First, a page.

Just a note here on alcohol for tincturing: Historically, vodka was made from potatoes, brandy from grapes/fruits, and gin from juniper berries. Take some time and read the labels; many of our old standbys are now made from grains, and many of the grains in the U.S. are GMO grains. If you are gluten intolerant or have allergies, this could present a problem. GMOs are banned in Sweden; therefore, I have chosen to tincture using alcohols from Sweden or use an expensive U.S. brandy. You can read more about making tinctures here.
For the past few years, I have experimented with tincturing fresh valerian flowers, a gentler approach for addressing anxiety. The tincture, if made using clear alcohol, turns a lovely golden color. I also tincture the root in a vegetable glycerin at about a 75% glycerin and 25% water for families who chose not to consume alcohol. (Keep an eye on the shelf life of glycerin tinctures.)
I generally make only simples and combine them later. Valerian combines well with skullcap, passion flower, hops, lemon balm, and lavender.
Baths and Foot Soaks
Baths and foot soaks were more popular a hundred years ago, but they appear to be making a comeback. Valerian baths were particularly popular among those suffering from rheumatic pain. To make a valerian bath, I put the herb in an old sock and toss it in the tub.
In my foot soaks, I usually add a bag of marbles, including a few “shooters.” Rubbing your feet over the marbles hits many of your reflexology points. In addition to the valerian, I generally add some mint for circulation and a teaspoon or so of ground yellow mustard, since I feel it helps to open the pores. Put all of this in a basin that holds both of your feet, and add water as warm as you can tolerate. Sit and relax until the water is no longer comfortable. Have a towel handy to dry off your feet.
Historically, ointments and salves were used for skin problems, rashes, bruising, and for sore muscles. Personally, I like to use a valerian salve on my feet, a gentle relaxant that helps me sleep.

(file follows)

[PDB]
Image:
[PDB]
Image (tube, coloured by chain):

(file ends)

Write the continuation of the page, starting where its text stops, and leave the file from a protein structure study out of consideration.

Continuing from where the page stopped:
A poultice made from the root has been known to draw out splinters. You can read more about making poultices using dried and fresh herbs here.
Valerian is also available in capsule form, alone or with other similar herbs.
Compresses of a heavy decoction or tincture, were used to relax cramping.
Remember one of the common names for valerian is cut finger? Our ancestors would make a wash from the root and use it to clean out wounds.
Cautions – Valerian should only be used for two to three weeks, followed by a break of the same duration. Continual use can cause depression and headaches in some people. Another caution: In a small percentage of the population, valerian has the opposite effect – it can cause agitation, giddiness, restlessness, and sleeplessness. Just be aware, in case you’re one of the approximately 5 – 7%. Avoid using valerian with small children, and for those over 65, start with very small amounts.
In the middle ages, valerian was used as a condiment and was considered a staple food. It was regularly added to soups and stews, and the dried root was made into flour. The young leaves were eaten in early spring. I don’t know of anyone who considers the plant as food now, but it is available in a survival situation.
Believe it or not, valerian has been used in perfume! A decoction of the root was also used for facials.